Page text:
September 13, 2018
By Martin Wheatley; Bronwen Maddox; Tess Kidney Bishop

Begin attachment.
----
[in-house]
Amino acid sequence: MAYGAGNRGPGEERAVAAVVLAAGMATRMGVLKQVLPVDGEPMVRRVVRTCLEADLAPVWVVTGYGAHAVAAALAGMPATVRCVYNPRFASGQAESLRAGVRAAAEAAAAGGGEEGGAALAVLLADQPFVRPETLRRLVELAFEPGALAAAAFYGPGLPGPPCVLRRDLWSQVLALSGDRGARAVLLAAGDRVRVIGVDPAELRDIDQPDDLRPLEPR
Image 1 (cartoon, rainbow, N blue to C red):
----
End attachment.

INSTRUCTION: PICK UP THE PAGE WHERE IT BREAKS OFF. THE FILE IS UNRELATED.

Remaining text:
Brexit will make the next spending review harder than past years, warns a new report by the Institute for Government. The report calls on the Treasury to end confusion around the 2019 Spending Review by explaining whether or not austerity is over, and if the plans will cover one year or three years. Published today, The 2019 Spending Review: how to run it well says that while the UK is good at setting and sticking to budgets compared to other countries, there are big problems in the way the Treasury divides money between departments. The report says that spending reviews – held every three years or so to allocate money to different parts of government – are often reduced to a contest between ministers for scraps of spare cash, fought out in high-profile media spats. The Treasury doesn’t look at performance when allocating money for public services, while high staff turnover undermines expertise in judging what spending is needed. This report is the first by the Institute in a sustained look at the Treasury, the most powerful department in Whitehall. It identifies ways to tackle some of the recurrent failings of spending reviews ahead of 2019 and says the Government must: Decide whether the review is for three years or whether Brexit makes only one year possible. Explain its aims for the performance of health, education and other key public services. Explain where money is available, where more will come from and how much needs to be borrowed.